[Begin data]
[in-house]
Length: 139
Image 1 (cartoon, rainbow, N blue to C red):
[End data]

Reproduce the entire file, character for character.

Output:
[in-house]
Length: 139
Image 1 (cartoon, rainbow, N blue to C red):